The following is a post by my friend Don Sparrow. There is no one else I know who knows more about Superman, or who loves him more. When we went to see Man of Steel on opening night, almost everyone in the theatre went to Donny on their way out to ask him what he thought of the movie. You will never get to know, but here is what he has to say about the 1978 original:
In the same way that the very creation of Superman began a completely new genre, so too did his first foray into feature films do the same trick for cinema. For the first time, comic book material was treated as a genuine source of dramatic storytelling. From the casting of Hollywood legend Marlon Brando (considered among the world’s best actors of the time—or any time), to director Richard Donner’s adherence to his mantra for the film “verisimilitude”, nothing in this film was treated as kids’ stuff. The filmmakers embraced the outlandishness of the comics, never winking, never seeming embarrassed of the material (or, importantly, the costume). The locations and characters we all knew were translated into big screen visuals, which in some cases (as with the totally alien and fascinating design of the cold and sterile Krypton) surpassing even the best of decades of publishing. The film also took great risks, like not having our hero in his famous primary coloured suit until nearly an hour into the film. Incredibly, the film doesn’t really suffer for it—indeed, the lush cinematography of Smallville’s rural setting, coupled with the warm and genuine performances of the steadfast Kent parents all grounded the film with wholesomeness and heart.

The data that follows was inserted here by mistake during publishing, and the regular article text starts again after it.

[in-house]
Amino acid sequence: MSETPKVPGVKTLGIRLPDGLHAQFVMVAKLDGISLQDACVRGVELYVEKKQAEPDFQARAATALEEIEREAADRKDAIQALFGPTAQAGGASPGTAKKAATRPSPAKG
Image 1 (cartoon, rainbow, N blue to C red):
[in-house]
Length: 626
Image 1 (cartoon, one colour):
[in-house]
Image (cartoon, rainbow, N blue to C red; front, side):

And since we’re on the subject of heart, not enough can be said about the charm, ease and dedication Christopher Reeve put into his role as Superman and Clark Kent. Never before had an actor embodied a pulp literary character so well, and I would argue that few actors have matched his performance since. The film’s tagline “You’ll Believe a Man Can Fly” put a great deal of pressure on the special effects, but the pressure was even greater on newcomer Reeve, not only to embody the spit-curled demigod physically, but spiritually. The greater challenge was Reeve’s alone—to make us believe in a character as unambiguously good and upright as the Man of Steel was meant to be. Cleverly, the film also illustrates this feat, as the hardened and jaded Lois Lane meets Superman’s earnestness with the same cynicism an audience member might. But with the gravity and humility of Reeve’s deliverance of the line “Lois, I never lie,” she believes in him. And so do we.
For all these reasons (that they did it first, and did it right) Superman remains the high water mark of superhero storytelling. A cultural phenomenon, it is still the blueprint the better superhero films use as their guide. In the same way that the creation of Superman made a model for all comics to follow, so did this film invent an entirely new film culture. And its deep investment in the source material elevated its status onto modern folklore.
For more Don Sparrow knowhow check out:
and for his art check go to:
Here is an original drawing Don did of Superman and Lois.